Irritable Bowel Syndrome (IBS) is a chronic gastrointestinal disorder that causes severe discomfort and distress. According to the doctors, more than 15% of Americans have symptoms of IBS. This makes it one of the most common bowel conditions.
The irritable bowel disorder can go by many names, including spastic colon, mucous colon, and spastic colon. These names are indicative of the difficulty in describing the disease. IBS isn't 'colitis'. Inflammatory bowel disorder (IBD) is a separate medical condition that can be called colitis. You can even ask the specialist about the IBS in detail via drhoustonanderson.com/
Internationally, the incidence of IBS is quite different. According to a US population-based estimate, IBS is present in approximately 10 to 20% of Americans, while it occurs at around 1 to 2 percent each year. It has been found that between 20 and 50% of people seek referrals to gastroenterology for complicated symptoms.
IBS is common across cultures, both European and American. A survey in the United States shows that there is a lower incidence of IBS in Hispanics living in Texas, and Asians living in California.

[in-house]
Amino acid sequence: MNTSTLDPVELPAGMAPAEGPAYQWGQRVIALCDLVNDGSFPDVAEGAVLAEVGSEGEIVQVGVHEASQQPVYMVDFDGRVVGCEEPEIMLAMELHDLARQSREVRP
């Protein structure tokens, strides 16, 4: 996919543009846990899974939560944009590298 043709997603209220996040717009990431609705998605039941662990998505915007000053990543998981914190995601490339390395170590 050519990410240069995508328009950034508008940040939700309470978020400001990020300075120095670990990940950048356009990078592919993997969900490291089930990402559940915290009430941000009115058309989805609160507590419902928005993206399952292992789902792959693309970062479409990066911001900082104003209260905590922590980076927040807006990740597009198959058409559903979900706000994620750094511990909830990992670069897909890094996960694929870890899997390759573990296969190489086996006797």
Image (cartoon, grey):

People from Asia and Africa may experience a lower incidence of irritable stool syndrome. It is not clear what role cultural influences play in this phenomenon and how they interact with health care providers.
An estimated report states that patients may feel the first signs of irritable bowel syndrome in childhood. It has been reported that 50 percent of patients with symptoms of irritable stool syndrome experience signs before the age of 35.
However, IBS symptoms can develop in anyone over 40 years old. This doesn't mean that there isn't another untreated condition. This prompts us to search more closely for the root cause.